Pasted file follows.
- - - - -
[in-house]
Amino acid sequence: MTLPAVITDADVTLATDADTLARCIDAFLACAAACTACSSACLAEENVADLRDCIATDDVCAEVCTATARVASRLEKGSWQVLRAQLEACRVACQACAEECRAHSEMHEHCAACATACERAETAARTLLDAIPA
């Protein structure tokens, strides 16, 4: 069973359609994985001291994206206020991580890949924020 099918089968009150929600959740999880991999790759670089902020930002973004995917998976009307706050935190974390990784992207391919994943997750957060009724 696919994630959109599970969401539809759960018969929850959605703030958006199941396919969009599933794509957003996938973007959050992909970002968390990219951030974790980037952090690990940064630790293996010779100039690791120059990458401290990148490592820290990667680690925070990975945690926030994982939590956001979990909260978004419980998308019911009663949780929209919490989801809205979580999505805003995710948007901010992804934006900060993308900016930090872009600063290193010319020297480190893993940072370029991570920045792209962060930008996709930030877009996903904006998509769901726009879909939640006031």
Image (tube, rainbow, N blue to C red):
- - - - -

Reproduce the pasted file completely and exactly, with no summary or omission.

[in-house]
Amino acid sequence: MTLPAVITDADVTLATDADTLARCIDAFLACAAACTACSSACLAEENVADLRDCIATDDVCAEVCTATARVASRLEKGSWQVLRAQLEACRVACQACAEECRAHSEMHEHCAACATACERAETAARTLLDAIPA
């Protein structure tokens, strides 16, 4: 069973359609994985001291994206206020991580890949924020 099918089968009150929600959740999880991999790759670089902020930002973004995917998976009307706050935190974390990784992207391919994943997750957060009724 696919994630959109599970969401539809759960018969929850959605703030958006199941396919969009599933794509957003996938973007959050992909970002968390990219951030974790980037952090690990940064630790293996010779100039690791120059990458401290990148490592820290990667680690925070990975945690926030994982939590956001979990909260978004419980998308019911009663949780929209919490989801809205979580999505805003995710948007901010992804934006900060993308900016930090872009600063290193010319020297480190893993940072370029991570920045792209962060930008996709930030877009996903904006998509769901726009879909939640006031």
Image (tube, rainbow, N blue to C red):